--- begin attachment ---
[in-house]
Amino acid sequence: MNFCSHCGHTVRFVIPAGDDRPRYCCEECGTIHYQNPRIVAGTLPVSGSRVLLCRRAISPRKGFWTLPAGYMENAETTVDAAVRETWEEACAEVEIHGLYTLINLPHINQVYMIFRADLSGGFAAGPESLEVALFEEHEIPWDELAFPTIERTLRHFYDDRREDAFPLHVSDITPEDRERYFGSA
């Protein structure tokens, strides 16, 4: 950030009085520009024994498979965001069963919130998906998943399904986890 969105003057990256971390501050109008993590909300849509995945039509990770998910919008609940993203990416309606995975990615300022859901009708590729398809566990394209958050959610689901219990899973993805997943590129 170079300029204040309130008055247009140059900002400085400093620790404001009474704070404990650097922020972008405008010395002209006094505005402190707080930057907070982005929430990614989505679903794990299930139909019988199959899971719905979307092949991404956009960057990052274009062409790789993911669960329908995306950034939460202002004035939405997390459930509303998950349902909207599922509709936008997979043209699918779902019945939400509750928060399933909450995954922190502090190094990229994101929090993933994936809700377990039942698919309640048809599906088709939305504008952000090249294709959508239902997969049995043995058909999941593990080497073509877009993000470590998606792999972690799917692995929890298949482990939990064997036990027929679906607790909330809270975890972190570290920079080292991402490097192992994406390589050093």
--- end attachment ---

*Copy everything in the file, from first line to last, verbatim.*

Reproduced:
[in-house]
Amino acid sequence: MNFCSHCGHTVRFVIPAGDDRPRYCCEECGTIHYQNPRIVAGTLPVSGSRVLLCRRAISPRKGFWTLPAGYMENAETTVDAAVRETWEEACAEVEIHGLYTLINLPHINQVYMIFRADLSGGFAAGPESLEVALFEEHEIPWDELAFPTIERTLRHFYDDRREDAFPLHVSDITPEDRERYFGSA
């Protein structure tokens, strides 16, 4: 950030009085520009024994498979965001069963919130998906998943399904986890 969105003057990256971390501050109008993590909300849509995945039509990770998910919008609940993203990416309606995975990615300022859901009708590729398809566990394209958050959610689901219990899973993805997943590129 170079300029204040309130008055247009140059900002400085400093620790404001009474704070404990650097922020972008405008010395002209006094505005402190707080930057907070982005929430990614989505679903794990299930139909019988199959899971719905979307092949991404956009960057990052274009062409790789993911669960329908995306950034939460202002004035939405997390459930509303998950349902909207599922509709936008997979043209699918779902019945939400509750928060399933909450995954922190502090190094990229994101929090993933994936809700377990039942698919309640048809599906088709939305504008952000090249294709959508239902997969049995043995058909999941593990080497073509877009993000470590998606792999972690799917692995929890298949482990939990064997036990027929679906607790909330809270975890972190570290920079080292991402490097192992994406390589050093």